Justice Department Agreement With CPD Faces Challenges
The agreement to negotiate a consent decree has been signed and the findings are out, but will the Chicago Police Department finally change its ways?
It’s a concern that’s on the mind of Chicago’s Black leaders and activists who are watching the department ‘s next move after the city negotiated a court-enforced consent decree that has the potential to change the practices and culture of Chicago police in ways not seen before. But as the Senate prepares to confirm conservative Alabama Sen. Jeff Sessions as the new U.S. attorney general, there are concerns the CPD agreement will have little impact on a department that’s in desperate need of reform.
There are 21 police departments in the country who are currently under consent decrees after years of committing civil rights violations. Most of them were signed during President Barack Obama’s administration, a historic record for the DOJ.
Session has publicly expressed his opposition to consent decrees. The Republican has said that he will “clean house” at the Justice Department if he is confirmed as attorney general. Civil Rights leaders are concerned that he will less likely enforce consent decrees if he heads the nation’s highest law enforcement division.
Consent decrees in other cities have produced mixed results, but once they have expired, there is little accountability in making sure police departments keep such reforms in place.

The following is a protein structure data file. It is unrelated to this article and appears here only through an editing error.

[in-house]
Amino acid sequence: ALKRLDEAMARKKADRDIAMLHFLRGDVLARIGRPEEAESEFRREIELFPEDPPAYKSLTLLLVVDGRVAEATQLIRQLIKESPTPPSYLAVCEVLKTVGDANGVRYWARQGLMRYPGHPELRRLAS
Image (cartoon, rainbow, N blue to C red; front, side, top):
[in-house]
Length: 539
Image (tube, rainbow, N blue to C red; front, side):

In Chicago, an “Agreement in Principle” to implement reforms was reached Jan. 13 after Mayor Rahm Emanuel signed a document once the DOJ released a blistering 164-page report that concluded what Black leaders have been saying all along: that the city’s law enforcement is racially biased and used excessive force on minorities for decades.
The findings were presented at a packed press conference at the Dirksen Federal Building where Emanuel and Police Superintendent Eddie Johnson stood quietly as U.S. Attorney General Loretta Lynch said the Chicago Police violated the constitutional rights of civilians and engaged “in a pattern of excessive force in violation of the Fourth Amendment to the Constitution.”
As the findings were being presented, activists staged a demonstration outside the building shouting “No Justice, No Peace!”
The report came as Chicago kicked off the three-day Martin Luther King holiday weekend. The damning report adds more worries for Superintendent Johnson, who heads a department that is plagued with low morale as senseless shootings continue to rock the city.
The 13-month investigation reportedly was one of the largest of its kind in U.S. history. Launched after a dash cam video was released showing Officer Jason Van Dyke shooting 17-year-old Laquan McDonald 16 times, the investigation of the 12,000-member police force included trips to all 22 of the force’s districts. Federal officials interviewed 1,000 community residents and more than 90 community organizations. Thousands of CPD documents, including policies and procedures, training materials, investigative and disciplinary files were examined. The investigation went as far back as 2011.
Despite the large scope of the investigation, some leaders were worried that the probe was rushed. Lynch wanted to complete the investigation before she leaves office as President-elect Donald Trump puts a new attorney general in place. Lynch, who was sworn in as attorney general the day of shooting victim Freddie Gray’s funeral on April 29, 2015, announced her findings one day after she traveled to Baltimore where city officials signed a consent decree after an investigation found similar civil violations in the police department there.